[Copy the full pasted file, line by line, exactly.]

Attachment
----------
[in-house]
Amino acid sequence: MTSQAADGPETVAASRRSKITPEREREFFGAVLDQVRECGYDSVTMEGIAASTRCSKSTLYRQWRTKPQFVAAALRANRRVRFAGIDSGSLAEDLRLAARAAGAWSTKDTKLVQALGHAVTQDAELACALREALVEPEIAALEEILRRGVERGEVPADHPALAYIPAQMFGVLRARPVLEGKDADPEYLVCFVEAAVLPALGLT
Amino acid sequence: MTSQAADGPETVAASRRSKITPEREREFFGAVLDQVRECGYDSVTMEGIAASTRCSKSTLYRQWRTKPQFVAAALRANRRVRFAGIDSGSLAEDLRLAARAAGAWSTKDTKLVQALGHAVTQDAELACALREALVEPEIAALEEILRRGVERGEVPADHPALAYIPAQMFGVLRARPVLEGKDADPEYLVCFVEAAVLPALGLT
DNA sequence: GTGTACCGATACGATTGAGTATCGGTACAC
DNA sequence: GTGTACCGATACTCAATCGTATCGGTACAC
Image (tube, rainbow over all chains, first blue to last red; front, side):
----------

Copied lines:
[in-house]
Amino acid sequence: MTSQAADGPETVAASRRSKITPEREREFFGAVLDQVRECGYDSVTMEGIAASTRCSKSTLYRQWRTKPQFVAAALRANRRVRFAGIDSGSLAEDLRLAARAAGAWSTKDTKLVQALGHAVTQDAELACALREALVEPEIAALEEILRRGVERGEVPADHPALAYIPAQMFGVLRARPVLEGKDADPEYLVCFVEAAVLPALGLT
Amino acid sequence: MTSQAADGPETVAASRRSKITPEREREFFGAVLDQVRECGYDSVTMEGIAASTRCSKSTLYRQWRTKPQFVAAALRANRRVRFAGIDSGSLAEDLRLAARAAGAWSTKDTKLVQALGHAVTQDAELACALREALVEPEIAALEEILRRGVERGEVPADHPALAYIPAQMFGVLRARPVLEGKDADPEYLVCFVEAAVLPALGLT
DNA sequence: GTGTACCGATACGATTGAGTATCGGTACAC
DNA sequence: GTGTACCGATACTCAATCGTATCGGTACAC
Image (tube, rainbow over all chains, first blue to last red; front, side):